In Season: Watermelon

Nothing recalls summertime fun like a fresh watermelon and it’s hard not smile when you have the sweet and sticky juice running down your chin. It’s one of summers sweetest and most fun treats to eat. Sliced, pureed, cubed or scooped, watermelon is juicy and delicious. It not only quenches your thirst but it can satisfy a sweet tooth as well! Don’t feel too guilty if you eat too much watermelon, it not only tastes great but it’s healthy too and since its packed full of water it can be that guilt-free snack anytime. So summon up those blissful summer memories gone by and enjoy a watermelon slice, or two, or three, while they are in season.

The Basics

Watermelon is typically round, spherical or oblong in shape. They can range in size from small to very large with a thick green outer skin that is either striped or spotted that ranges in color from light green to deeper green shades. The flesh of watermelon is crunchy and sweet. It is usually pinkish-red and has either black or white seeds but some watermelon flesh can be orange, yellow or white in color.

In Season

Watermelon is at its peak season from June-August.

In Season: Watermelon

What to Look For

When looking for the perfect watermelon, make sure that it does not have any deep open cuts, bruising or large dents on its outer skin. The rind should be fairly smooth and dull. It should be firm and feel heavy for its size since most of its weight comes from water. Watermelons will have a creamy yellow spot on the outer skin from where it sat on the ground growing and ripening, so don’t be concerned about the discoloration.

How to Store

Store your uncut watermelon in temperatures ranging from 50-60 degrees Fahrenheit. Storing it at room temperature will increase the decay process. Do not store watermelon near high ethylene producing fruit such as apples or peaches since watermelon can become very ripe very quickly.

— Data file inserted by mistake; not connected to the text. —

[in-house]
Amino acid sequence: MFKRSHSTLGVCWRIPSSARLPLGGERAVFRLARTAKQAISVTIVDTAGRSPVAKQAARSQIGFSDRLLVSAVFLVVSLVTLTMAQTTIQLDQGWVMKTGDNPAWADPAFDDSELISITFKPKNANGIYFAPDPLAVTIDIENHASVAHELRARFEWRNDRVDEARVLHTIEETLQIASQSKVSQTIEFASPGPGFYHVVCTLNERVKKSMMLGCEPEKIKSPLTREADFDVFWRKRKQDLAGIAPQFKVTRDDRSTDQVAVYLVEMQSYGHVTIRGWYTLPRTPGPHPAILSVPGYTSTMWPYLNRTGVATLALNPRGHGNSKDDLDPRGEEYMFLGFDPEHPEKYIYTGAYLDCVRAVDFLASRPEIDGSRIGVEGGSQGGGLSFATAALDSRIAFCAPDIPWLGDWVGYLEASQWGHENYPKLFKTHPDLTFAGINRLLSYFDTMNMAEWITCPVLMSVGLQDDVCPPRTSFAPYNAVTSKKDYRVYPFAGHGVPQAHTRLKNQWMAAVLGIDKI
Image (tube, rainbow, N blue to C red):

When you are ready to cut your watermelon be sure to wash the outer rind to prevent bacterial contamination. If it is too big to place in the sink, simply wash it with a wet paper towel. Once your watermelon is cut, keep it in the refrigerator in a container with a lid and store for up to 3 days.

Watermelon can be cut into chunks or pureed and placed in an airtight container for up to 3 months in your freezer.

In Season: Watermelon

Nutrition

Watermelon is rich in vitamins and low in calories. Every 1 1/2 cups of watermelon contains roughly 91 calories. It contains levels of vitamin A, B6 and C, all of which help boost immunity. It is also a good source of potassium. Watermelon also has high levels of lycopene, which is important to cardiovascular health.

Helpful Tips

Try giving your watermelon a thump when purchasing. The deeper and hollower the sound the riper the watermelon will typically be.

Try roasting the watermelon seeds for a snack.

The rind of the watermelon is also edible and can be pickled and enjoyed. If pickling the rind be sure to buy a certified organic watermelon to decrease the risk of any pesticide residue on the skin.

Try pureeing the flesh of your watermelon and freeze it in ice cube trays to use in beverages to keep them cool.

In Season: Watermelon

Looking for watermelon recipes? Give these a try:

Watermelon Feta Salad from Two Peas and Their Pod

Watermelon Lemon Coconut Drink from KitchenAid

Red, White, and Blue Salad from FoodieCrush

Spicy Watermelon Bomb from Heather Christo

Thai Watermelon Salad from Shutterbean

Watermelon Blueberry Salsa from Love and Olive Oil

Watermelon Gazpacho from A Couple Cooks

Ginger Watermelon Italian Ice from Oh My Veggies

Blueberry Watermelon Smoothie from Add a Pinch

Watermelon Sorbet from Leite’s Culinaria

*The Contributor of this post has been compensated by KitchenAid for this post, but this post represents the Contributor’s own opinion.*

You might also like:

ABOUT THE BLOG

The Kitchenthusiast™ is all about possibilities, passion, prowess, inspiration and a shared love for all things food. Explore recipes, take on challenges, find tips, learn about events and so much more. Because when you have the culinary world at your fingertips, there's so much more to make.